At 10:21 am on Thursday, March 17th, 2022 Teachers in Space and the Gloversville High Altitude Achievement club launched a successful high altitude balloon mission. The balloon traveled 72.47 miles in a north eastern direction from the launch site in Blodgett Mills, NY to the landing zone in Cherry Valley, NY. The payload landed at approximately 12:09 pm for a total flight time of about 1 hour & 48 minutes. The maximum height recorded was 86,545 ft, and the highest recorded horizontal speed was 93 mph at 41,375 ft while the payload was descending with its parachute. Unfortunately the payload narrowly missed landing in an easily accessible field and was caught in a tall tree. Consequently the payload was not retrieved until March 29th when we were able to get a professional tree climber to scale the tree.
Payload Train Contents:
We used a 1500 g balloon followed by 550 paracord down to the first part of the payload which is a reflecting package for radar detection for planes. The next item down is a water tight box holding student-made postcards and a micro track PRS system. Then down below that is the prototype of the serenity 3U CubeSat which holds a lithium poly charger for 24K cameras. They are 2 Sony action cams. It also holds our flight data computer that sends down the data through APRS Lora. On top of the satellite fastened to it is a SPOT messenger tracker. The multiple trackers allow us to track the different segments in case they get separated.
Postcards to Space:
Teachers in Space is partnering with Blue Origin’s nonprofit, Club for the Future, to put student-made postcards on flights into space. This balloon mission included about 130 such postcards. While high altitude balloons do not reach space, they do travel to the higher parts of the atmosphere. These particular postcards are destined for a ride to space. They are currently being integrated into Firefly Aerospace’s 2nd orbital rocket flight along with TIS’s Serenity educational CubeSat.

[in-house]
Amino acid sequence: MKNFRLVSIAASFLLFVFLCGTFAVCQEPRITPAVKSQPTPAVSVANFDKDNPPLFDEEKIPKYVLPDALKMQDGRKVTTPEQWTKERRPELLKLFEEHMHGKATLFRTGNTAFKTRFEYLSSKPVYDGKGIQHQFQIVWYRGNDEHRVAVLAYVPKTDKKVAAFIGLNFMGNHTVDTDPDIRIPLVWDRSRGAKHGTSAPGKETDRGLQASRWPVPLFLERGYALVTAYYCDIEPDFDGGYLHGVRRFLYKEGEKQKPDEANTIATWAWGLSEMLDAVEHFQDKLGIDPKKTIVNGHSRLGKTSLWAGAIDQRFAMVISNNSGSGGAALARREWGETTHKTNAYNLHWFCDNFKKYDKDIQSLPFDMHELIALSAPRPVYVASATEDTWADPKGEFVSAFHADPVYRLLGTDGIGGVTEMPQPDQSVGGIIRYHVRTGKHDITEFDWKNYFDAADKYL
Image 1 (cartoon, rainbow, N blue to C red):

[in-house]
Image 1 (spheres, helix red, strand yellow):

Additionally, we are using the itemit asset tracking platform to track the postcards using QR codes. The QR codes are scanned at each step of a postcard’s journey so that a chain of custody can be maintained to show students that their artwork is truly on a journey to space!
Recovery & Results
After payload recovery, it was discovered that one of the battery cables had become disconnected just before or after lift-off. Unfortunately without power, the onboard computer that recorded sensor data was not able to function. This was a good reminder of the engineering challenges that often crop up at the most inopportune times in space flight.
While we were not able to collect the experimental data that we were after, the mission was still an educational and inspirational success, and we were able to recover the postcards, and send them off to Firefly Aerospace for a flight into orbit. We will take what we learned from this experience and apply it to the upcoming balloon missions that we will be conducting at our Summer Flight Experiments Workshops for teachers. If you’d like to participate in a mission like this, and learn more about using Arduino in the classroom with your students, then register here for one of our summer workshops!